The bike does have its peculiarities. As the engine starts to warm, hot air from the engine and the underseat exhausts roasts your seat. It’s not as bad as the Buell from which the professor once jumped before we stopped, examining her thigh for burns. But in the sort of temperatures that summer is supposed to bring, the Ducati’s ability to use the rider as a heat sink rather detracts from the cool image.

Also on the debit side, most of the time the mirrors, beautifully shaped teardrops that also house the front indicators, are more decorative than useful. But damning the bike for such failings is missing the point. The successful World Superbike Ducati Xerox racer is based on the old road bike, the 999. The next racer will be derived from the 1098, and the track is where the bike’s soul lives.

On a track such as Brands Hatch, the road 1098S makes perfect sense. Small enough to be muscled around the tight Druids hairpin, the Ducati is also stable at full lean on scary, high-speed bends such as Paddock Hill, which falls away to the right at the end of a fast straight. At the long, sweeping Clearways bend, I could easily change direction to avoid slower riders even while banked over enough to keep my knee slider screeching along the ground.

But its chief strength is that it lets let a rider build up cornering confidence at his or her own pace. And, of course, a design I would be happy to have grace my living room.

The test ride

Say hello to: an even sportier version of the Italian bikemaker’s leading road bike.

How powerful? 1099cc 90 degree V twin with desmodromic valve control. 160bhp, 90ft lb of torque, 6-speed gearbox, chain drive.

How big? 56.3in wheelbase, seat height 32.2in, dry weight 377lb

How fast? 170mph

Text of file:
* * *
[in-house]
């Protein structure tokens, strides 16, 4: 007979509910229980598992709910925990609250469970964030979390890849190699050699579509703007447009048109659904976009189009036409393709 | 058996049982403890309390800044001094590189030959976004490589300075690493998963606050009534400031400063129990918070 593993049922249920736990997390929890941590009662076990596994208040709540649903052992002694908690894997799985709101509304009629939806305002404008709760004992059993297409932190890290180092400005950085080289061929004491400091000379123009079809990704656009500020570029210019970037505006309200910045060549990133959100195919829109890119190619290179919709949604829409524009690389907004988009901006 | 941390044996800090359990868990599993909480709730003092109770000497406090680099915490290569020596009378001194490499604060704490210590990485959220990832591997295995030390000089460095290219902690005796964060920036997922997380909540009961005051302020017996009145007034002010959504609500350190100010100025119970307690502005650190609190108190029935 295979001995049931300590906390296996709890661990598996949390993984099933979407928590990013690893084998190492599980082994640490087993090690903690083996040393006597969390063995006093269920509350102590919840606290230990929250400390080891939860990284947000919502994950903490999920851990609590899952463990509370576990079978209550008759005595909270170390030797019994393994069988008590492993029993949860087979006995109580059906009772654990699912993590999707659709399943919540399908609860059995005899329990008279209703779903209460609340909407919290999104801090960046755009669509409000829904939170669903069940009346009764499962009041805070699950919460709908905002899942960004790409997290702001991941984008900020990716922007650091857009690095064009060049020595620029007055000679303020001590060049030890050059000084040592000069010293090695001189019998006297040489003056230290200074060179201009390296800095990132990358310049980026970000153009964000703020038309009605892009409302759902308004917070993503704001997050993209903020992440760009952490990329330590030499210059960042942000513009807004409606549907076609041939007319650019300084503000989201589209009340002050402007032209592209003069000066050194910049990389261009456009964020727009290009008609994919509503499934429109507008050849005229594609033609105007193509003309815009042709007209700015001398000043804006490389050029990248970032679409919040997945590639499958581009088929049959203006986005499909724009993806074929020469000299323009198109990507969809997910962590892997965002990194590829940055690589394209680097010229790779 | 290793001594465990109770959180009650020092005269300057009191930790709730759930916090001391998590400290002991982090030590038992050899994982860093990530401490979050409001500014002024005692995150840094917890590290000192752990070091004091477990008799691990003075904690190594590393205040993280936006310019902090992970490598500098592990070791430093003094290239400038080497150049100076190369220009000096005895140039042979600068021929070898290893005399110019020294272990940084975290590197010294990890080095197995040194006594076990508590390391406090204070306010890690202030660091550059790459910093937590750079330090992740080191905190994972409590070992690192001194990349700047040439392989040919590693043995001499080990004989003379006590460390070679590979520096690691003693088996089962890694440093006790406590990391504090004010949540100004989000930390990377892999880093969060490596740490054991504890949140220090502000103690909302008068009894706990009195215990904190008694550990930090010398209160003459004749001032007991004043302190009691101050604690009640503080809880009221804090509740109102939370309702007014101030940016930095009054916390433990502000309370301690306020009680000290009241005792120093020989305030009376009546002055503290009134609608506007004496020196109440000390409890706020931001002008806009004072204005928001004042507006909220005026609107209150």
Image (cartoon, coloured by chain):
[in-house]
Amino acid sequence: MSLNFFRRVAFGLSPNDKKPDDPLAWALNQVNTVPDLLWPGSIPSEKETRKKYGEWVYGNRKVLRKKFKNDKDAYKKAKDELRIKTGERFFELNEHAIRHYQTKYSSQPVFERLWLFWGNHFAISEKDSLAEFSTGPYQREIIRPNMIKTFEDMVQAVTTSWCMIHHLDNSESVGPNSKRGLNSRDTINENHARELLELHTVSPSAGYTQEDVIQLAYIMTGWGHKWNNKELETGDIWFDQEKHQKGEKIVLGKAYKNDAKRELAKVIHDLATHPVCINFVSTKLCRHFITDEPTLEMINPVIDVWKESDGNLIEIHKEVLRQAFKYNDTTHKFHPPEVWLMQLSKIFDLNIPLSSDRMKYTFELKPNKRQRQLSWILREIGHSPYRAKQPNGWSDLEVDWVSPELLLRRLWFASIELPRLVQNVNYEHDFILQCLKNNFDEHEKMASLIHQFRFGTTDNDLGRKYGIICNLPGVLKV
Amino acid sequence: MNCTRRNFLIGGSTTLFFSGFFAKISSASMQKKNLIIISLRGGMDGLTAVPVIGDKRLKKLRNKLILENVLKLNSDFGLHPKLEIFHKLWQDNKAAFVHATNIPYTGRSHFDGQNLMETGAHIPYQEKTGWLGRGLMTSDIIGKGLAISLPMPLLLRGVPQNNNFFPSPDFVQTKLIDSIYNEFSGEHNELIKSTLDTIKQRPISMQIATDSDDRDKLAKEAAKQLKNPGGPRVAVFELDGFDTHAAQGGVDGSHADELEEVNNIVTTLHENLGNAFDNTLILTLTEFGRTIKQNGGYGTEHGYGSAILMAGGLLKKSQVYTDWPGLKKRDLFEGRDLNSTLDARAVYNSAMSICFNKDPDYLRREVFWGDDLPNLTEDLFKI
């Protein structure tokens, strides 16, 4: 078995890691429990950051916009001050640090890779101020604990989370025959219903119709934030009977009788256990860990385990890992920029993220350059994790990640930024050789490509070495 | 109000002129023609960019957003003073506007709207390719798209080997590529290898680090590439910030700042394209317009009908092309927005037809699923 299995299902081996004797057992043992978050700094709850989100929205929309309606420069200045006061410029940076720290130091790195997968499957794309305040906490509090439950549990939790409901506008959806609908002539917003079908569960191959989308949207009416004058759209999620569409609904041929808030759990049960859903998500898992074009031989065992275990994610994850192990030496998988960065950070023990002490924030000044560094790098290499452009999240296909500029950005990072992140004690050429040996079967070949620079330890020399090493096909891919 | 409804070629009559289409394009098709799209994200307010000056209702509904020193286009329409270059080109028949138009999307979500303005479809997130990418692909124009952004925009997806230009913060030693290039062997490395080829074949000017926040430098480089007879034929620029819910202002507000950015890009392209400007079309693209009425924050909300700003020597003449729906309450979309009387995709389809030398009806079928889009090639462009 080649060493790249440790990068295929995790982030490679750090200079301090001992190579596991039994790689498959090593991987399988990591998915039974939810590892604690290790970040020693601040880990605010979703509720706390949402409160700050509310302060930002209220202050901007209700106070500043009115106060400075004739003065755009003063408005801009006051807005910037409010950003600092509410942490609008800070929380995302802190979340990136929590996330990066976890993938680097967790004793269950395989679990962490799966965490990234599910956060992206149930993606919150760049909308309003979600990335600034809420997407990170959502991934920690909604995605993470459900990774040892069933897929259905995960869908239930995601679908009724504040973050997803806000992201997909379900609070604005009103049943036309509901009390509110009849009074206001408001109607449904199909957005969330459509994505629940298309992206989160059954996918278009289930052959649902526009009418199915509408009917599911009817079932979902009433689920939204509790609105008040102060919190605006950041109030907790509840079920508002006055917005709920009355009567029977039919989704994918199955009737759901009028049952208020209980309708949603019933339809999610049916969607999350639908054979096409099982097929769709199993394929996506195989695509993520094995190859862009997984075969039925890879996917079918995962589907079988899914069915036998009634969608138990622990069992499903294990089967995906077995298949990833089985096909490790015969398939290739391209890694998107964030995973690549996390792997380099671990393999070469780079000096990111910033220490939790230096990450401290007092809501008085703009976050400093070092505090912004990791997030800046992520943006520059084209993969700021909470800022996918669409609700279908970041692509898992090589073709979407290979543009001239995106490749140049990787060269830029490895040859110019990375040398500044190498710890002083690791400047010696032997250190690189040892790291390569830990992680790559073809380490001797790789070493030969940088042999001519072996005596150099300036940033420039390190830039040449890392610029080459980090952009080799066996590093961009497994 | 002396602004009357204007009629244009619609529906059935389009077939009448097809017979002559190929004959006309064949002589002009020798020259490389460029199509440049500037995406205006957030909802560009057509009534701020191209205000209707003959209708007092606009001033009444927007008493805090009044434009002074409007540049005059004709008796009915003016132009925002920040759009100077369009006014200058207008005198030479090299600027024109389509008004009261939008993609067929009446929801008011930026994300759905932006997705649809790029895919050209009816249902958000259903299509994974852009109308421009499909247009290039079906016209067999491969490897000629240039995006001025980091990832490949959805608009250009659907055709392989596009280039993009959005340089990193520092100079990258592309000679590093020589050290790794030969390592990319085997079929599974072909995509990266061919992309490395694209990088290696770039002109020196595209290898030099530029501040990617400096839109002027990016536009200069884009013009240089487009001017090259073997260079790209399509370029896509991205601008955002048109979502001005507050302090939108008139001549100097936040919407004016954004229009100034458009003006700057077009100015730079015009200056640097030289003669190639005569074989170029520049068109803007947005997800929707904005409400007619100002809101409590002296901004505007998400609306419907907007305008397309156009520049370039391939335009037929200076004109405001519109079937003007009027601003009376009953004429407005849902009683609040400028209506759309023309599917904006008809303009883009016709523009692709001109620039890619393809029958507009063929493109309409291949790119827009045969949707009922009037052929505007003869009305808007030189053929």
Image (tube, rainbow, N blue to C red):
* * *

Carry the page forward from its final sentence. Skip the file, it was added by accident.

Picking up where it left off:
How much? £13,995 (£11,250 for the base 1098, which has cheaper suspension).

You might also like: Honda FireBlade a four-cylinder bike with 153 bhp, top speed 177 mph. Composed cornering ability that flatters riders, £8,999

Battle of the superbikes

Ducati has flown the European flag among roadgoing superbikes but the Fireblade from Japan’s Honda was the bike that set the pace.

When it was launched in 1992, the 893cc Fireblade was smaller than most 600cc bikes. Its 410lb dry weight and 125bhp seem dated now but were revolutionary at the time – as was its nimble handling, derived partly from the light and stiff alloy beam frame it used instead of steel tubes.

The Blade’s ability to use its power set the agenda for the big-capacity sports bikes that followed as the other big three Japanese bikemakers gave chase. Yamaha with its R1, Suzuki with its GSX-R1000 and – eventually – Kawasaki with its ZX-10R.

Top honours have swapped between the Japanese four, plus Ducati, as they updated their contenders in this fiercely contested class. But all the current bikes are anorexic machines that use expensive materials such as titanium alloys and carbon-fibre composites.

The result is race-bred superbikes with as much as 175bhp but with secure handling and huge braking power that makes them safe to ride with verve on the road – and even more fun on the track.